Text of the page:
Saturday, April 5, 2014

Footnote to Brendan Eich Discussion: Yes, It Is about Gender, Race, and Sexual Orientation

"In discourse and analysis," Catholic feminist theologian Ivone Gebara says (citing French sociologist Pierre Bourdieu) "the male vision of the world is presented as evidence and functions as an ideology justifying what exists" (Out of the Depths: Women’s Experience of Evil and Salvation, trans. and intro. Ann Patrick Ware [Minneapolis: Fortress, 2002], p. 68). And then she goes on to say, in a passage I shared with you last month,

All epistemology can be seen as ethics, and all ethics is epistemology. Knowledge that scorns the contribution of women is not only limited and partial; it is an exclusionary knowledge. The fact that it claims to be universal already shows its limits. We can say that at the concrete level of feminist analysis such knowledge is not attentive to the ethical dimensions of justice, equality, and respect for the plurality of beings and their experience. It reduces the other to oneself and does not even ask whether the contribution of others who are different is important (ibid., p. 73).

The epistemological enterprise, the area of thought that delves into how we know, is by its very nature also an ethical enterprise, since for a long time now, what has been presented to us as how we know (and what we know) is the partial knowledge of a discrete slice of the human race: it's quite specifically male knowledge. It reduces the other to oneself and does not even ask whether the contribution of others who are different is important.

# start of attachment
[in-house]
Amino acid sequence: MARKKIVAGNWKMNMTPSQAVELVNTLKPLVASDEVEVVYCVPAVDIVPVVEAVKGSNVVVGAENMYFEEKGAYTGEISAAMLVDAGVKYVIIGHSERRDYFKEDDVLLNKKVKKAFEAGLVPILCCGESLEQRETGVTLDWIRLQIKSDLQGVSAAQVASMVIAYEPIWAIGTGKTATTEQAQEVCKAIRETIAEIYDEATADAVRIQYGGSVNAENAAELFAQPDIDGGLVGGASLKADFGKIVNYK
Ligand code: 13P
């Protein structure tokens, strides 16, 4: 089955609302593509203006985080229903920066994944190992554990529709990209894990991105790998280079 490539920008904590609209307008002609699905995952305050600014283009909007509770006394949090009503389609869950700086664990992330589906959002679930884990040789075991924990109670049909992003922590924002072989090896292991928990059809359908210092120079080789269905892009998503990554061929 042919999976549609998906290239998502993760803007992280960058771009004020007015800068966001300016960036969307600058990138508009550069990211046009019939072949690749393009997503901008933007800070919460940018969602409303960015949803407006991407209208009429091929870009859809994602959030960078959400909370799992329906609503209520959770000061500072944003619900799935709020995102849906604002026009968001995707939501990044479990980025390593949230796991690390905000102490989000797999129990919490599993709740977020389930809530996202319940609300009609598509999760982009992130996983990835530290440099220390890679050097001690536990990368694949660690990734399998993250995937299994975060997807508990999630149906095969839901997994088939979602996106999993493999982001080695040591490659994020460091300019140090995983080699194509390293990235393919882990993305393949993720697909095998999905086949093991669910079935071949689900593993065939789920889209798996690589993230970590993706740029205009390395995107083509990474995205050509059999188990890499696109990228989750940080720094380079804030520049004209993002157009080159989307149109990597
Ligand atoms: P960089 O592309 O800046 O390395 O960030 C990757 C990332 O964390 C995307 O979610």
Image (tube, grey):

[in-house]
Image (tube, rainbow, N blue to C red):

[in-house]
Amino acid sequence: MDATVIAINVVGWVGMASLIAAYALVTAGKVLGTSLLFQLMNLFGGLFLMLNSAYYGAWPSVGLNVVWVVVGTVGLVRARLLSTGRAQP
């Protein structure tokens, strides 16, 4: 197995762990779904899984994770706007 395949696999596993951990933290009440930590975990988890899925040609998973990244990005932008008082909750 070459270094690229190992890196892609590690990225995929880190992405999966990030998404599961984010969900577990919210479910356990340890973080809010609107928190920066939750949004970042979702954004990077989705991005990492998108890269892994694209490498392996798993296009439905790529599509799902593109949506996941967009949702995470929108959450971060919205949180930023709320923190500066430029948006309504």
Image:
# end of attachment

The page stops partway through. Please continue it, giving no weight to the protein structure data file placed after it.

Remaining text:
And so the enterprise of epistemology, of delving into how and what we know, has been based to an extent never quite acknowledged on male models of knowing. Never quite acknowledged until feminist thinkers (and women in general) began to point this out to all of us . . . . It has employed an ethically insupportable exclusion of women's ways of knowing, even as it purports to offer us universal perspectives on knowing.

Gebara begins her book about women's experience of evil and salvation by asserting

The church, an institution created and dominated by men, has interpreted women’s experience of evil, whether undergone or committed by women, in a way that bears little or no resemblance to what women feel or ask for, whether in theology or within the structures of the church. The same can be said for the means of salvation. These means are tightly bound to a male religious approach that presents itself as universalist; any differences are subsumed into global egalitarian speech, which often hides its particular character (ibid., p. 3).

As a counter to this approach posturing as universalist when it's, in fact, highly exclusivist, Gebara lays the groundwork for her discussion of women's experience of evil and salvation by listening to the voices — to the real voices, in real-life stories —of real-life women. This methodology is a corrective to the false claims of universalism of much Catholic theology and of the Catholic magisterium, which pretend to speak on behalf of "humankind" without ever acknowledging that they are speaking very precisely on behalf of mankind.

As Gebara explains,

In other words, feminist theology is trying to recover the essential core of Christian experience, beginning with a different understanding of the relationships between men and women and of humanity’s relationship with the whole of creation, by taking seriously people’s concrete experience (p. 160).